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Password Complexity in the Enterprise? 216

andrewa asks: "What's the deal with passwords in a corporate environment these days? The company I work for has introduced layer upon layer of complexity on passwords over the years, and now it is simply ridiculous. We have to enter a 16 character password each month that cannot compare in any digits to the previous twelve passwords, nor can it be a simple string -- it has to be a mixture of upper- and lower-case characters including numerals and non-alphanumerical characters. What's next? A mixture of non-keyboard accessible characters and several varieties of DNA? It's not like we are even a government institute -- we are a software company that does telecom stuff, for goodness sake. Anyway ... you know what this makes me do? Write it down somewhere. How secure is that? The question is, I think my company is completely anal with the password requirements, what other security policies are in place in other companies that either completely exceed the banality of my company, or -- God forbid -- have a security system that makes sense?"
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Password Complexity in the Enterprise?

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  • by 9mm Censor ( 705379 ) * on Monday June 12, 2006 @06:39PM (#15520212) Homepage
    I work at a call center. The password I was given, was "apple123". After 6 months I was prompted to change it. So now my password is "apple456". If I were to work here for another 6 months, I would change it back to "apple123" but I quit because I value my sanity.
    • by khasim ( 1285 ) <brandioch.conner@gmail.com> on Monday June 12, 2006 @06:59PM (#15520333)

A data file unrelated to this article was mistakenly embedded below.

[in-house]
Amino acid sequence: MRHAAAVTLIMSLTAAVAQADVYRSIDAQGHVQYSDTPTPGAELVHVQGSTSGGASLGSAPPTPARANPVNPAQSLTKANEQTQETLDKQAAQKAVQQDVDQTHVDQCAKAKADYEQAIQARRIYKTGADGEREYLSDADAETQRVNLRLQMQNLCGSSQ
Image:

The key is not how complex you can make a password.

      The key is how will an attacker defeat it.

      So, a simple password is sufficient if the attacker will not have enough chances (statistically) to defeat it. This is easy to accomplish by having a time delay between authentication attempts or a lock-out period. But this is only sufficient if you have a person actively monitoring the authentication logs.

      Example: Suppose you have a list of 10,000 common words. You take a random word, a digit (0-9) and another word, that will give you 10,000 x 10 x 10,000 possible combinations (1,000,000,000 or "one billion"). So, if you get 3 guesses before you're locked out for 15 minutes, then you can guess 12 passwords an hour ... 288 a day ... 864 over a 3 day weekend. Round that up to a thousand and it's still a "one chance in a million" to guess the password over 3 days of trying.

      As long as there is someone reviewing the logs, the attempts will be noticed and actions can be taken before there is any real chance of your password being cracked.

      And WordNumberWord is not that difficult to remember.